Image Processing Reference
Fig. 1.2 The block diagram provides a general framework for many systems working with video
Even though this topic is titled: “ Video and Image Processing ”italsocovers
basic methods from Image Manipulation and Image Analysis in order to provide
the reader with a solid foundation for understanding and working with images and
No matter which category you are working within (except for Video and Image
Compression) you can very often apply the framework illustrated in Fig. 1.2 . Some-
times not all blocks are included in a particular system, but the framework neverthe-
less provides a relevant guideline.
Underneath each block in the figure we have illustrated a typical output. The
particular outputs are from a gesture-based human-computer-interface system that
counts the number of fingers a user is showing in front of the camera.
Below we briefly describe the purpose of the different blocks:
Image Acquisition In this block everything to do with the camera and setup of your
system is covered, e.g., camera type, camera settings, optics, and light sources.
Pre-processing This block does something to your image before the actual pro-
cessing commences, e.g., convert the image from color to gray-scale or crop the
most interesting part of the image (as seen in Fig. 1.2 ).
Segmentation This is where the information of interest is extracted from the im-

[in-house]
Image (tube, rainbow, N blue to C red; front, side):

age or video data. Often this block is the “heart” of a system. In the example in
the figure the information is the fingers. The image below the segmentation block
shows that the fingers (together with some noise) have been segmented (indicated
by white objects).
Representation In this block the objects extracted in the segmentation block are
represented in a concise manner, e.g., using a few representative numbers as illus-
trated in the figure.
Classification Finally this block examines the information produced by the previ-
ous block and classifies each object as being an object of interest or not. In the
example in the figure this block determines that three finger objects are present
and hence output this.
It should be noted that the different blocks might not be as clear-cut defined
in reality as the figure suggests. One designer might place a particular method in
one block while another designer will place the same method in the previous or